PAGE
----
Leaving a lasting testimony behind- especially a faith statement- is an important aspect of a will. This shapes your legacy- your proverbial monument- but what are the bricks that build it? Your monument- your legacy- is built by the bricks: the volunteer hours you freely gave, the fundraising on behalf of a worthy goal, the prayers said in the stillness, and the financial support for these causes. Planned gifts are important and creative bricks to show your support during and after your time on earth.

What does your monument look like? What is your legacy going to be?

profileAbout the Author, Nicole Brennan: Hello there! I’m passionate about living a stewardly lifestyle, while being adventurous and frugal. I currently live in community with six other 20-somethings in downtown Chicago and work as a Marketing Assistant at Barnabas Foundation, a partner of ESC and COMPASS. In my off hours, you can find me volunteering at a nearby homeless shelter, enjoy live music with friends, or watching reruns of Parks and Rec. Email me at or tweet me at @BarnabasFdn.

This blog is a component of the Ecumenical Stewardship Center’s COMPASS initiative to engage young adults in conversations about faith and finances. Like what you see and want to know/do more? Visit the COMPASS web page and join the COMPASS community on Facebook.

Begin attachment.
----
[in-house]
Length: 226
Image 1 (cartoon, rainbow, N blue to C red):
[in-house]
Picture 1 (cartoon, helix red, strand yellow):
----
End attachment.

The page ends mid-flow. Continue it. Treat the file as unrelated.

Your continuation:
Christmas in July- Gift Giving


As we move from June into July, we cross the half-way mark of the year. We celebrate the heart of the summer in the Northern Hemisphere, including Independence Day celebrations in the United States and Canada Day fun in Canada. We also inch ever closer to Christmas.

Christmas in JulyFor those of you who give gifts at Christmas, by being in July now means that you now have less than six months to do your Christmas shopping. However, if you are like me, you are less focused on the consumer aspect of purchases and more on the act and importance of giving. Hence, our theme for July is “Christmas in July- Gift Giving.”

During this month on the COMPASS blog, we will be sharing stories, tips and reflections all about gift giving. You will hear perspectives from different writers on topics like: